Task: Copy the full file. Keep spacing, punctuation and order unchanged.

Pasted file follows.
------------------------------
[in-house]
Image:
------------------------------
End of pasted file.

[in-house]
Image: